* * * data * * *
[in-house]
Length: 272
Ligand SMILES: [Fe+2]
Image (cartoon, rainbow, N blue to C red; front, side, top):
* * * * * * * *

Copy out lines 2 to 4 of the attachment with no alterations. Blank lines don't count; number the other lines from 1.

Length: 272
Ligand SMILES: [Fe+2]
Image (cartoon, rainbow, N blue to C red; front, side, top):